On the son’s side, three grandsons also made their indelible mark. Compton Singh rose through the ranks in the Guyana Civil Service and reached the position of Chief Labour Officer before immigrating to Canada. Benedict Singh was ordained a priest in the Catholic Diocese of Georgetown and in 1972 became the first and only Guyanese to date to be appointed Bishop of Georgetown. Following his retirement, he is now Bishop Emeritus. Fielden Singh, a lawyer and Deputy Leader of the United Force in 1964, was appointed a Minister of the coalition government that led the country into Independence in 1966 and later, he succeeded Mr. Peter D’Aguiar as Leader of the United Force.
I first heard of Surujbali when I lived in Annandale, East Coast Demerara, in the late 1950s. An area south of the then railway line and between Annandale and Buxton was referred to as “Baabu-lan” (Baabu-land). I then learned that “Baabu” (a term of respect for a gentleman or male of high social status), referred to Surujbali Singh, a former Head Driver (Head Sirdar) of Lusignan Estate who was instrumental in getting the Estate’s management to allow certain workers to grow rice and graze their cattle in this area adjoining the cane-fields. Thus the area became known (in Guyanese Creolese) as “Baabu-lan”.
In later years, I married a grand-daughter of Surujbali Singh through his daughter. In time, I heard from elders who shared stories about Surujbali. I was told that as Head Driver of Lusignan Estate he was a man who wielded great power. Two pertinent stories are recalled. When Surujbali went to Lusignan Estate he was given a mule to ride to the canefields. He refused the mule, demanded a horse like the European overseers, and was given one. Next, when my mother-in-law was a young lady, she was whistled at by a young man living in the estate and Surujbali had the young man banished from the estate.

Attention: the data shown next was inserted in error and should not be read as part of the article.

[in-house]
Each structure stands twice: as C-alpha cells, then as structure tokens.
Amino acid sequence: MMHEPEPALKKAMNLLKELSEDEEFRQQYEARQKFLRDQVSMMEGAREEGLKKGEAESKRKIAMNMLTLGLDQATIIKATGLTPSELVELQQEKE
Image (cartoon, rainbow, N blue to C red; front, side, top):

I have been living in Canada since 1974. In September 2013, I visited Guyana and decided to check the indentureship records held at the Walter Rodney National Archive on Homestretch Avenue, Georgetown. For Surujbali’s and records of others, I visited the Archive on four or five occasions. On each visit, I was the only person or one of two persons requesting documents. The staff were always business-like, courteous and helpful. I should add too that, considering that the records, huge books dating back over a hundred years with hand written entries, were given proper storage conditions only recently, they were in reasonably good condition.